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NCJ Number: 198664 Find in a Library
Title: In the Best Interests of an Indian Child: The Indian Child Welfare Act
Journal: Juvenile and Family Court Journal  Volume:53  Issue:4  Dated:Fall 2002  Pages:9-17
Author(s): Donna J. Goldsmith J.D.
Date Published: 2002
Page Count: 9
Type: Report (Study/Research)
Format: Article
Language: English
Country: United States of America
Annotation: The history of the Federal, State, and private practices that propelled Congress to pass the Indian Child Welfare Act in 1978 and the changes resulting from this legislation are reviewed in this journal article.
Abstract: After discussing the last three decades as signaling vast changes in the various systems that address child victims of abuse and neglect, the author focuses on the 1978 passage of the Indian Child Welfare Act (ICWA) enacted by Congress to ensure the primacy of tribal decision making in regard to the welfare of Indian children. Arguing that a quarter of a century after the passage of the ICWA many of the practices that prompted the passage of the act continue to exist, the author discusses pre-ICWA attempts by the Federal Government to establish programs and policies for assimilating Indian children by removing them from their communities and cultures. Contending that mandatory boarding schools for Indian children devastated the children, their families, and their communities, the author maintains that Congress imposed the requirements of the ICWA upon recognizing that State courts and child welfare agencies played prominent roles in the destructive practices that led to an Indian child welfare crisis. Explaining that the ICWA applies to child protection proceedings, the author states that courts must now ensure that the party seeking to remove a child from his or her parent or Indian guardian sends a notice to every tribe in which the child may be eligible for membership. After arguing that placing Indian children within their own cultural tradition is often a matter of utmost importance, the author notes that failure to provide timely notice to a child’s tribe that custody proceedings have been initiated may result in unnecessary delays caused by litigation and appeal. 45 Endnotes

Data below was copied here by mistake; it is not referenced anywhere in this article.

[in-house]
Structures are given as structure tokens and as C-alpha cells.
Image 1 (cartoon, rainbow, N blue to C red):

Main Term(s): Child welfare; Indian affairs
Index Term(s): Ethnic groups; Federal courts; Socioculture; State courts; Tribal court system
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